Curiosity – What’s Inside the Cube
In early March of this year, Peter Molyneux, a games industry veteran, parted ways with Lionhead and Microsoft after working with them for fifteen and six years, respectively. He embarked on the founding of a new games studio, 22Cans, with several other Lionhead veterans, and they have now released their first… experiment: Curiosity – What’s Inside the Cube?
The game is exceedingly simplistic in mechanics but, in true Molyneux style, highly promising in eventual return. You install the app on your Android or iOS device (and there’s word of a PC release, but acorns do take time to grow) and you are presented with a large cube, at first a large black cube, but it has since become a patchwork of green and red. The aim of the game is to join in with the other 150,000 and rising participants of the experiment, and tap away at the millions of cubelettes coating the cube. The aim being to strip away layer after layer (you can’t just bore right through it) until the final person taps the last cubelette of the last layer away and is presented with the answer of life, the universe and everything. Also known as ‘the video that is in the centre of the cube’. This “winner” will then have the option to keep the video, and whatever secret it holds, to themselves or to release it upon the world via their favourite form of social media.
I’ve had hold of the app since it first hit yesterday, it provided amusement while watching the US election, tapping away randomly, uniformly, trying to raise my multiplier, trying to draw patterns, carve my name into the cube and so on. And if it’s your cup of tea, I’m not the only one working out the random fun that can be made with just tapping away at a layer of the cube.
One of the best descriptions of the game so far is via Penny Arcade’s Tycho:
Currently, 22Can’s “Curiosity” seems to be Massively Multiplayer Bubble Wrap, which… is still kind of cool.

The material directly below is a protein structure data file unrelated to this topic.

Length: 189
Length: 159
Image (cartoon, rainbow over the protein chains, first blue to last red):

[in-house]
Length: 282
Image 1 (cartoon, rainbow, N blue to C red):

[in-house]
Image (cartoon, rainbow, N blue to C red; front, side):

This isn’t an app trying to sell itself as a fantastically deep and challenging game, it’s about as simple as mobile phone games come: tap on your screen. If that’s all that you want in a timewaster to fit in on those times waiting for a bus or a concession speech, then that’s what you get. And you can maybe make some neat pixel art while you’re at it. And maybe even be the one to find out what’s in the middle. Though I don’t much care for what is in there, it’s always fun to speculate on just how many seasons of Firefly are wrapped up in that cube. If you’re feeling like splashing out, there’s even in-app purchases, with either real cash or the in-game gold, built for buying bombs and pickaxes up to the infamous $50,000 diamond pickaxe. You can even buy the stats and friends support for the game too.
What will be interesting, and I’m sure 22cans are watching closely, is seeing the stats and data generated from this game. A big one, for example, will be the drop-off. A layer has gone in a day (and each layer is obviously smaller) but the stats shows your actions per month, so they’re not expecting this to be over in a few days or weeks. And given it’s such a raw and simple “game” (there are no variables like difficulty spikes to muddy the experience, for example), the data that comes from the app and its players would be rather good to sift through in order to learn how they interact. And this could massively influence the next 21 games from 22Cans (and many other mobile games, for better or worse).
It is certainly true that many would likely have ignored this game if not for the involvement of Molyneux, but there is just this elusive draw to wanting to be involved in Molyneux’s latest creation that keeps people coming. That naive curiosity.